Airbnb warns hosts who use indoor security cameras they may face eviction

No more creepy snooping? Be my guest

Airbnb guests will be delighted to know that their short-term rentals don't contain indoor security cameras – once a change to the platform's community policy takes effect at the end of April.

Airbnb on Monday posted news of its plan to ban the use of indoor security cameras in its listings. The use of indoor security cameras – in common areas only – was previously allowed.

"Our goal was to create new, clear rules that provide our community with greater clarity about what to expect on Airbnb," Juniper Downs, head of community policy and partnerships for the short-term rental disrupter, wrote in the post. "These changes were made in consultation with our guests, hosts and privacy experts, and we'll continue to seek feedback to help ensure our policies work for our global community."

While Airbnb's legalese means indoor cameras are no longer allowed (they were never permitted in private spaces like bedrooms and bathrooms), the new policy still allows the devices to be installed outdoors – provided they aren't aimed indoors, or placed in outdoor areas such as an outdoor shower or sauna where guests can reasonably expect privacy.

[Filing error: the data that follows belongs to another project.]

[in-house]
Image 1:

The policy still permits use of smart home devices, doorbell cameras, and decibel monitors designed to catch guests who violate noise rules. All such devices must, however, be reported and mentioned in Airbnb listings – the new policy includes instructions on how hosts can do so.

Airbnb's old policy on the use of cameras and recording devices was rather vague – stating only that concealed cameras and those located in private spaces weren't allowed, and that permitted cameras must be clearly visible.

The change will likely be good news to those who were worried about privacy in their Airbnb short-stay. We've reported on previous incidents involving hidden cameras in Airbnb rentals – one of which landed a host in prison. Banning indoor cameras is sure to add some peace of mind.

That said, the cameras that got hosts into trouble were hidden – which Airbnb noted in the updated policy has always been against its terms. Someone willing to ignore the rules and respect for guest privacy is unlikely to change their ways based on the shift in policy.

Guests who believe they've spotted a camera violating the updated policy after April 30, when it goes into effect, should report it to Airbnb. Hosts violating the rule will be investigated, Airbnb promised, and could have their account removed. ®

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